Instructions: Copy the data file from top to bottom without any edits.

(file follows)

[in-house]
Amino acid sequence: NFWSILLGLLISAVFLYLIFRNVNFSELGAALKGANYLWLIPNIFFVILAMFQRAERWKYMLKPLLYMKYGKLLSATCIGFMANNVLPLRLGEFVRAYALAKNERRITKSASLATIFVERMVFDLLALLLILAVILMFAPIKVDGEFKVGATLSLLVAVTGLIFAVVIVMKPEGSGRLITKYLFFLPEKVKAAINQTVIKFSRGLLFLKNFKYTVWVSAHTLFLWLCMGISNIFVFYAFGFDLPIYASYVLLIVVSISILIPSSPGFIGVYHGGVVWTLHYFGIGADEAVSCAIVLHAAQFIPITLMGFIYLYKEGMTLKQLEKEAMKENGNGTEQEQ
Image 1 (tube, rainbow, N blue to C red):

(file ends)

[in-house]
Amino acid sequence: NFWSILLGLLISAVFLYLIFRNVNFSELGAALKGANYLWLIPNIFFVILAMFQRAERWKYMLKPLLYMKYGKLLSATCIGFMANNVLPLRLGEFVRAYALAKNERRITKSASLATIFVERMVFDLLALLLILAVILMFAPIKVDGEFKVGATLSLLVAVTGLIFAVVIVMKPEGSGRLITKYLFFLPEKVKAAINQTVIKFSRGLLFLKNFKYTVWVSAHTLFLWLCMGISNIFVFYAFGFDLPIYASYVLLIVVSISILIPSSPGFIGVYHGGVVWTLHYFGIGADEAVSCAIVLHAAQFIPITLMGFIYLYKEGMTLKQLEKEAMKENGNGTEQEQ
Image 1 (tube, rainbow, N blue to C red):